CT's Beardsley Zoo Mourns the Loss of Sedge the River Otter

The family at Connecticut’s Beardsley Zoo is saddened to announce the unexpected passing of Sedge, a male North American river otter (Lutra canadensis). He was four years old.

Sedge was recently under medical care for an infection. His necropsy, standard for all animals who pass from an undetermined illness, will be performed by the Pathology Lab at the University of Connecticut. Results may take several days to several weeks. 

Sedge arrived in 2021 from the Alexandria Zoological Gardens in Louisiana as a companion for Tahu. Four-year-old Tahu is in good health. 

“Sedge will be deeply missed by all of us here at Connecticut’s Beardsley Zoo,” said Zoo Director Gregg Dancho. “He had a unique personality and related well both to his companion, Tahu, and to his animal care staff. It has been our privilege to have known him for two years.”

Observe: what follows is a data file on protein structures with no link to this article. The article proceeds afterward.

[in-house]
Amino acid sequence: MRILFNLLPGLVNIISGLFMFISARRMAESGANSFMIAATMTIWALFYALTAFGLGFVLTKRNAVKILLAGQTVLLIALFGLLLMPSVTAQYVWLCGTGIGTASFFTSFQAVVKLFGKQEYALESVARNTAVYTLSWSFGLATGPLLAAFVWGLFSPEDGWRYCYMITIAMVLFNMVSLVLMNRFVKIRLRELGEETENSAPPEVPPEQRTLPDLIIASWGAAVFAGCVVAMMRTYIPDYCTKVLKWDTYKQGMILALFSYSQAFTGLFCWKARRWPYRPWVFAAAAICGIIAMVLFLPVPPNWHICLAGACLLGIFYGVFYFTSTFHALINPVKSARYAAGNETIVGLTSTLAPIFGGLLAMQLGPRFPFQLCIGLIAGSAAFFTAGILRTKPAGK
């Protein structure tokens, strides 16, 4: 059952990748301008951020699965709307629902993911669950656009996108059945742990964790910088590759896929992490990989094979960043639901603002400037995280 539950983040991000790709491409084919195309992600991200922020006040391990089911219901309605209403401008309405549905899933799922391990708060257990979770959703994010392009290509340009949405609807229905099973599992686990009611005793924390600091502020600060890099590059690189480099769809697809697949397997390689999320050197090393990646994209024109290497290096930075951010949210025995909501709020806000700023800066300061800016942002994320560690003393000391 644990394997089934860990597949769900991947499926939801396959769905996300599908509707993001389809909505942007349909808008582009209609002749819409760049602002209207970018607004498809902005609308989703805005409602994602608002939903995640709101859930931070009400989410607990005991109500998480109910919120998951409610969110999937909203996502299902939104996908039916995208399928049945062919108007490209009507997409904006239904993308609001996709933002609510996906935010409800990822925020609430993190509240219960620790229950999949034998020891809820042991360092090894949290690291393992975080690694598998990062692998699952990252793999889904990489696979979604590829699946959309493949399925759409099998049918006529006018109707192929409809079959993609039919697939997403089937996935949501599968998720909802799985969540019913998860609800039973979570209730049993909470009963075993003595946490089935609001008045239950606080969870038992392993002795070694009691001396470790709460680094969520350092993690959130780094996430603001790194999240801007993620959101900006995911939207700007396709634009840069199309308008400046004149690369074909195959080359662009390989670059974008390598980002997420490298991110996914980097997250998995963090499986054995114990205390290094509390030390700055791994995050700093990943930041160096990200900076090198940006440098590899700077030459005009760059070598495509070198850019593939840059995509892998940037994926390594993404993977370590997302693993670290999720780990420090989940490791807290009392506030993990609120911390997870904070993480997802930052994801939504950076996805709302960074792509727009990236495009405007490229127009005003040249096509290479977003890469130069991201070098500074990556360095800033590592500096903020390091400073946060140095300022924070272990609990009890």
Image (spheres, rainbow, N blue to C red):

He added, “Our river otters have always been some of the most popular animals who make their home here at the Zoo, for their playful nature and intelligence as well as their role as an iconic North American animal. It’s a sad day for the Zoo.” 

About North American River Otters

As a species, river otters have suffered from habitat loss, water pollution and fur trapping. Their numbers are on the rise due to reintroduction programs in parts of the U.S., better water quality, and protection of their habitat.

River otters, members of the weasel family, can run on land as well as swim. They are playful and agile athletes, sliding down hills of mud or snow to land with a splash in water. Their tail is muscular and comprises up to 40 percent of the otter’s body length. They can move through the water as fast as eight miles per hour and can dive to 36 feet. Found throughout most of North America, the river otter lives in aquatic habitats: streams, rivers, lakes, ponds and marshes. They prefer unpolluted water with minimal human disturbance. 


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